Jun 23, 2015
We had an awesome time hosting this Seattle Mobile Growth Hackers Meetup with Redfin last week. A great, engaged attendance complemented the great set of panelists we put together to discuss paid and organic tactics for app distribution and all other areas of mobile growth hacking. Joining us on the panel were:
James Kelm, Product Director, Yahoo
April Alexander, Director of Customer Acquisition, Redfin
Robi Ganguly, CEO and Cofounder, Apptentive
In true Mobile Growth Hackers fashion, the panel was preceded by pizza, drinks, and networking. Attendees eventually found their seats in anticipation of the promised discussion on mobile app growth hacking tactics and best practices for app distribution, moderated by Branch’s Sahil Verma.
We jump straight into the questions here:
Robi started off the discussion on the right foot answering, “By having an awesome app.” He continued, stating that acquiring “users that are giving you 5 stars and telling you how much they use and love your app” is priceless when it comes to growth. An app’s relevance to the intended user is key, and can’t be made up for with marketing campaigns. Building off this response, James answered that when you do find that group of users who are really into your app, be sure to tap into that resource. Ask yourself, “what are the blogs these people read, where are they spending time on facebook and twitter,” etc, to get an understanding of where that user base is located.
“More endpoints lead to higher overall engagement”
As for chasing an App Store feature, James suggested leveraging your contacts, while April spoke from Redfin’s experience being featured. “Look for features the App Store is trying to promote… and incorporate those into your app.”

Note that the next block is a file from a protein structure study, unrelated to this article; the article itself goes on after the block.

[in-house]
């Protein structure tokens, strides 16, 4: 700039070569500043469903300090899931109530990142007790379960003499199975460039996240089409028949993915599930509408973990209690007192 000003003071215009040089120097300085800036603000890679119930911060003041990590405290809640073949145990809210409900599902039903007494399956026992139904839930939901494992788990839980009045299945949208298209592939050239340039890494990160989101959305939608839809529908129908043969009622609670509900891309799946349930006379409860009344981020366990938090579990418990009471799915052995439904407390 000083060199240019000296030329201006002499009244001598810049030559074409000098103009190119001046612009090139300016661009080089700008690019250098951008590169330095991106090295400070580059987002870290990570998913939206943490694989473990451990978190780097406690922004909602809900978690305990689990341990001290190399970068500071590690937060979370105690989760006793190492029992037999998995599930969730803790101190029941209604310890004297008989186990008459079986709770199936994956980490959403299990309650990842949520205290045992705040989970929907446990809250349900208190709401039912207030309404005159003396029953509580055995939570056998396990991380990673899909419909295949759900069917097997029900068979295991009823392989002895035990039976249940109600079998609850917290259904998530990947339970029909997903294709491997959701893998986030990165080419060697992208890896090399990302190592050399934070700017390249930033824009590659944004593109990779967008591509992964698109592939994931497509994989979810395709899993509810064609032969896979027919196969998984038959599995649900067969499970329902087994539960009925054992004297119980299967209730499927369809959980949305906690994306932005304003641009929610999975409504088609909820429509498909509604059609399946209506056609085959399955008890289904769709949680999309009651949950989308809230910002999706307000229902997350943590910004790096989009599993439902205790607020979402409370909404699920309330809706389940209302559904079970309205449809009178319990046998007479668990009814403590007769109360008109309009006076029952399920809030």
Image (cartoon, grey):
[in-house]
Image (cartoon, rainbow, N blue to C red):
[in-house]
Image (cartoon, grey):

Then there’s SEO, a topic that came up repeatedly during the panel. April stated, “We think of mobile SEO as one of the biggest ways to drive app downloads. Focusing on ways to get people to your mobile website [is key].”
“Only 30% of smartphone users will download an app this month,” April cited a comScore reporting that points out our error in thought when we say that people are using, and therefore downloading, apps all the time. The key to convincing users to take the leap-of-faith and download? “When you have an awesome website that people love, it can turn them into an app user.”
You will make a bunch of assumptions that are wrong
Robi mentioned the role Branch Metrics plays in Apptentive’s mobile growth strategy. “Whether you are using deep linking or attribution, if you are trying to drive people from one community to the next, work hard to understand these users.” Know what channels are working and which are not.
“You will make a bunch of assumptions that are wrong, but Robi continued by saying that it’s your job to figure out which are wrong, and to double down on the ones that are right.
“It’s worth millions of dollars of free marketing,” James started the discussion and was met with strong agreement.
But pay attention to where and when you are getting featured. April stated that when Redfin got featured for their app’s focus on Apple Watch, they were featured on that specific page, and drove fewer downloads than being featured on a main page in the App Store. Robi also provided a counterpoint, stating that most small developers and businesses simply won’t be ready for the volume of downloads they will get when featured. His advice? “Don’t focus on getting featured, focus on getting so good that if you were to get featured, you would be converting.”
James’s advice was to take advantage of geo-beta: getting valuable feedback and becoming popular in smaller markets before taking it worldwide and potentially getting featured in the App Store. “If you refine it enough, the next million should come organically.”
In terms of growth, Robi warns against a leaky bucket. “Somewhere between 60 and 70 percent of people who download your app today are not going to be using it 30 days from now and beyond.” Avoid this by focusing on retention and acknowledging app abandonment in your analytics.